....Read more at Cisco

<![CDATA[Using Duo at the Door: Protecting Physical Access Through New Partnerships]]> tkietzman@duosecurity.com (Ted Kietzman) https://duo.com/blog/using-duo-at-the-door-protecting-physical-access-through-new-partnerships https://duo.com/blog/using-duo-at-the-door-protecting-physical-access-through-new-partnerships Industry News Mon, 14 Oct 2019 08:19:00 -0400

Duo has recently partnered with two of the leading providers of physical access security: Tyco Software House and BioConnect. The partnership tells a complementary story. Duo was born in the cloud. Since our inception, we’ve focused on providing a simple, secure authentication workflow into any business application. Tyco and BioConnect live in the concrete world of building and office access.

Duo offers a broad integration portfolio that includes hundreds of cloud and on-premises applications. Thousands of customers leverage Duo to protect a diverse set of applications, from Office 365 to the AnyConnect VPN or even custom on-premises applications. Our technical integrations and partnerships have primarily focused on protecting the workforce from compromised digital credentials and data breaches. 

However, we’ve come together with Tyco Software House and BioConnect to to answer the question: how can we also protect physical workplaces and physical credentials? 

Physical credentials can take many forms but often come as key cards or badges that are used to enter business critical facilities. Many of us are familiar with physical credentials and access control from their supporting roles in heist movies. In most cases, a ragtag group of would-be thieves includes a pickpocket whose responsibilities involve lifting a key card from an unsuspecting VIP. While this fictionalized version of credential theft is not the most common case for losing physical credentials, at its heart it still reveals a potential hole in physical access control. When the crown jewels are at stake, these partnerships and integrations can help you verify that the holder of a physical credential is the person who belongs to the card.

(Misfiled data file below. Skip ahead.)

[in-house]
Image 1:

Tyco Software House

Tyco Software House is committed to providing a robust security and event management solution for buildings across the globe with its C•CURE 9000 platform to protect any company’s people, buildings, and assets. This solution scales to protect buildings of any age, layout, or location, whether a company is protecting one door or hundreds. 

And now, C•CURE 9000 seamlessly integrates with Duo’s multi-factor authentication (MFA) solution to provide an additional layer of security at points of access. The integration is simple to set up and provides an easy and effective end-user experience at a company’s most critical locations. C•CURE 9000 customers will not have to change any infrastructure or card readers, and employees can self-enroll in Duo. When deployed, an employee simply taps their access card as they would normally, but instead of gaining direct access they are challenged with a second form of authentication on their preferred device. For more information about the integration and the Tyco Software House’s product portfolio, check out this informational video and this integration announcement.


BioConnect is spearheading the unification of the digital and physical access management sectors. Their previous solutions are known for leveraging biometric credentials (face, voice, fingerprint and eyeprint) to secure access to both physical assets, like data centers, and digital assets, like corporate portals. The outcome is higher identity assurance of who is accessing what and provides in-depth reporting and analysis regarding a company’s physical and digital access points.